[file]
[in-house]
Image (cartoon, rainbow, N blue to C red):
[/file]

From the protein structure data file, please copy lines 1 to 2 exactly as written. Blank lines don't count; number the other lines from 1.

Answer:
[in-house]
Image (cartoon, rainbow, N blue to C red):